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Sara Says - Sara Davis Buechner invites you to share in her reflections on music, matters artistic and non, and the creatively fun things in life. Be a part of the conversation!

Archive for July, 2012

Rudolf Firkušný (1912 – 1994)

Posted on: July 30th, 2012 by SDB 1 Comment

(photograph of Rudolf Firkušný at Carnegie Hall by Steve Sherman, November 1987)

From time to time, I am asked what I consider to be the most significant musical experience of my life. Without hesitation, I always answer: the honor of studying piano with the great Czech pianist Rudolf Firkušný, from 1980 to 1984 at the Juilliard School in New York City.

In written and video blog postings to come, I will opine upon his authoritative pianism, importance as a champion of the great Czech composers (many of whom were his close personal friends), and extraordinary pedagogy and humanism. Here I only want to post a link, to an informative radio program recently released by Radio Prague, shortly after the wonderful Rudolf Firkušný 100th Commemoration held in Brno, Czech Republic, in April 2012.

You will hear me speaking on this program about my beloved teacher, as well as former Firkušný pupils Carlo Grante and Dora Novák-Wilmington. Enjoy.

Radio Prague: ”Rudolf Firkušný as remembered by his students”

http://www.radio.cz/en/section/special/pianist-rudolf-firkusny-as-remembered-by-his-students\”Rudolf Firkušný as remembered by his students\”

Chopin looks backwards

Posted on: July 26th, 2012 by SDB 1 Comment

Today’s little blog post comes as a result of my daily sight-reading warm-up at the piano. When the time is available I like to extend my knowledge of the keyboard repertory along with the digits of my hand and the sinew of my arm muscles — usually accompanied by lubrication of my throat with hot coffee.

A few days ago I chanced upon a rare Russian edition of Etudes by Friedrich Kalkbrenner (1785 – 1849), a well-known Parisian piano pedagogue in the early 19th-century, chiefly remembered now because of Frédéric Chopin’s desire to study with him (which never came to pass). Writers have occasionally commented on the conundrum of a young genius like Chopin wishing to work with a rather well-oiled hack teacher and churner-out of workmanlike Etudes like the vain Kalkbrenner.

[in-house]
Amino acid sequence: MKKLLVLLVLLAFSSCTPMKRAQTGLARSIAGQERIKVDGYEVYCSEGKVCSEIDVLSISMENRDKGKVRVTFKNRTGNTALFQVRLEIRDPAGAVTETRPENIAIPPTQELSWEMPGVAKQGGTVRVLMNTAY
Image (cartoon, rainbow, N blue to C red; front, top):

I was interested to see the reality of Kalkbrenner’s Etudes, and was not disappointed by what I encountered — nothing rotten at all, but not much-inspired nor stylistically beyond similar works of Czerny and Clementi. It is chiefly in his handling of harmony and counterpoint that one sees a certain novel attention to pianistic detail and physical possibility that perhaps caught the eye of the young Frédéric Chopin.

It was this passage from Kalkbrenner’s Etude in A minor op. 126 no. 7 that caught my own eye, while playing through it this morning. Because the rapid-moving chromatic chords reminded me instantly of a similar passage in Chopin’s marvelous Sonata for Cello and Piano, op. 65 (in the first movement). Hardly do I suspect plagiarism on Chopin’s part, and the passages are different enough anyway to obviate that possibility. But I do think of ideas, harmonies, sounds and colors stowed away in the brain for years and years; after all, we all have the experience of remembering something long-forgotten. In that context I wonder if Chopin, at the end of his all-too-short life when essaying his Cello Sonata (one of his very greatest works, in my humble opinion), had a brief rememberance of a pianistic idol from his teenage years — an idol who had long before similarly dashed off a difficult chordal passage of digital élan and bravura in rapidly moving chromatic chords.